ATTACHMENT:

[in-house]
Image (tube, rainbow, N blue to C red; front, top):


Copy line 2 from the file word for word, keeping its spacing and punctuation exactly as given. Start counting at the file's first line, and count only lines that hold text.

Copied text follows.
Image (tube, rainbow, N blue to C red; front, top):